Tweeting Through the Tornado: Social Media Saved Me

Tweeting Through the Tornado: Social Media Saved Me

I picked my daughter up from school early yesterday because I thought there would be extreme weather, and I was paranoid after the decimation of Joplin.

The sun shone and the birdies sang.

Then there was today.

Surrender, Dorothy masthead


I was totally joking. And note to Rita: It's Wednesday.


I grabbed Petunia, my work laptop, my cell phone and my work notebook and shut myself in the only room with a door in the basement. And then my mind starting doing its anxiety thing.


I heard thunder and rain and sirens going on, shutting off, going on. I live in the eastern suburbs of Kansas City.


I pictured my girl hunched in the basement at school, crying. I pictured not being able to get to her. I pictured every nightmare a mother can have. I felt so lonely.

And then they started pouring in: the tweets.










Finally the storm passed. Unfortunately, it took its toll on nearby Sedalia.

Even though I picked up my daughter early yesterday, even though we were two hours late this morning because of a dentist appointment, I asked.


And they made me feel better, normal even.



The sky was a mixture of puffy white, angry gray and brilliant blue as I drove to the school. Kind of like my mood.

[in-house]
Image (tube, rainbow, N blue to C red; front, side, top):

"Were you scared?" I asked, as we walked to the car.

"A little."

"Did you cry?"

"No, I tried to be brave about it."

The teachers did skits for the kids during the hour and a half they were in the basement. And apparently gave them Pop-Tarts because they were stuck down there during lunch. I am so impressed by their ingenuity and grace under pressure keeping all those kids entertained for so long.

I came back and realized I'd left people hanging, these people I'd relied on so heavily over the past two hours. So I tweeted I was home with my girl.


All told, I probably talked to at least 25 different people today, some of whom I barely know. They distracted me and filled my heart with their good mojo. I didn't feel alone anymore.

Thank you, my friends. It's an amazing thing when you can have community alone in the dark.

Rita Arens authors Surrender Dorothy and is the editor of Sleep is for the Weak. She is BlogHer's assignment and syndication editor.


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